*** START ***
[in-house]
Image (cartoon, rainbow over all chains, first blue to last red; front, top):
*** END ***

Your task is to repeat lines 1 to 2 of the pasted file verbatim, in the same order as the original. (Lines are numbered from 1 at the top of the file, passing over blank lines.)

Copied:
[in-house]
Image (cartoon, rainbow over all chains, first blue to last red; front, top):